Tui to expand dynamic packaging for UK consumers

Tui Group expects to increase its market share in the UK by offering more flights and expanding its dynamic packaging offer to British holidaymakers.

The development of its Tui Flight Market Place service means it can offer different durations for holidaymakers who may want to book flights with other airlines rather than Tui.

Sebastian Ebel, chief executive, said: “In the UK, we want to offer new products to our customers, more content, more airline seats, and more directly connected, quality proven hotels. Our target is to have the best hotels in our portfolio.”

He said customers would in the past book durations of seven, 10 or 14 days but now Tui can cater for those who want to travel for five or 12 days, for example.

Ebel was speaking after the company’s Q2 results, for the three months to March 31, which showed that the UK continues to be the most advanced sold across Tui’s pan-European network.

The UK market has 64% of the summer 2023 programme sold, compared to 55% across the Tui Group. Average prices for summer 2023 are now 5% above last year and compared to summer 2019, average prices are 26% higher.

More: UK outpaces summer booking levels across Tui network

Dynamic packaging customers can book with a range of other carriers such as Vueling or Eurowings, Ebel said, adding that the only airlines still missing are British Airways and Iberia.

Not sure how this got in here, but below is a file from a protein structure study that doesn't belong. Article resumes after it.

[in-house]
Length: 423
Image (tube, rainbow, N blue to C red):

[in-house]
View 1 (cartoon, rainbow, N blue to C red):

“The biggest benefit is we get the market price of the airline into our system. So there’s not the risk that we are too expensive so customers don’t buy and there is not the risk that we are too cheap. And this is a major step forward,” said Ebel.

The UK market will have 1.1 million extra flight seats for 2024, which will “enhance” the dynamic offer.

Describing dynamic packaging as one of the “strong pillars” of Tui’s growth strategy, he said: “We are able to plan to sell significantly more in the UK because of access to variable stock.”

Ancillary sales will also form part of that growth, he said, with dynamic pricing for special seating on aircraft, depending on how full the flight is, and add-ons such as pre-booked tee times for golfers.

Ebel said the trend for higher value products and longer stays is “very much intact” and helps the company to offset the impact of inflation.

However, he pointed out that inflationary effects in destinations and cruising are less than in the UK or Germany.

About a third of the price increases is to counteract inflation, another third is because of higher quality products, and the final third gives Tui a better profit margin, he explained.

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